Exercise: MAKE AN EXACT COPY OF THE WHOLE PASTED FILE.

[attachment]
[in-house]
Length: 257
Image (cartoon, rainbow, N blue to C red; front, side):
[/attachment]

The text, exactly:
[in-house]
Length: 257
Image (cartoon, rainbow, N blue to C red; front, side):